- Due to the Ebola issue, travelers from the Democratic Republic of the Congo and Guinea will be subject to additional scrutiny.
- According to the Centers for Disease Control and Prevention (CDC), these passengers will be directed to six airports in the United States.
- The airline will collect information there and send its information to the local health department for tracking.
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The United States will begin tracking people from the two Democratic Republic of Congo and Guinea facing the Ebola epidemic.
The Centers for Disease Control and Prevention announced on Friday that the U.S. government will “be cautious to formulate public health measures”
The agency said in a statement: “Starting next week, the U.S. government will transfer passengers from the Democratic Republic of the Congo and Guinea to six U.S. airports.” “Airlines will collect and transmit passenger information to the CDC. Conduct public health follow-up and intervene with all U.S. passengers boarding in DRC or Guinea in the past 21 days.”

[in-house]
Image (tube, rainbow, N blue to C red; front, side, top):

The information will be shared with the local health department for tracking and monitoring.
Earlier this month, Guinea announced an Ebola outbreak for the first time since 2016.
As Morgan McFall-Johnson of Insider previously reported, the Ebola virus can cause fever, pain and fatigue. Its fatality rate is about 50%. Since the outbreak in February, at least three people have died from the Ebola epidemic in Guinea.
According to data from the World Health Organization, the Democratic Republic of Congo also reported another outbreak earlier this month.
The CDC said the risk of an Ebola virus outbreak in the United States is “extremely low.”
But the agency still recommends that the United States take precautions, especially when the country is fighting new variants of the coronavirus.
Researchers have discovered at least seven new variants in the United States, each of which is more infectious than the original variant.
It has been almost a year since the World Health Organization declared the coronavirus a pandemic. According to the latest data compiled by Johns Hopkins University, 28 million people in the United States have been infected with the virus since then. Among them, more than 500,000 Americans died.
In 2016, a two-year Ebola epidemic broke out in West Africa, killing more than 11,000 people.
The Guinean government is taking steps to end its revival before it spreads. According to McCall Johnson, a person familiar with the matter, a new Ebola virus treatment center is being built and the Ebola vaccine is being driven out.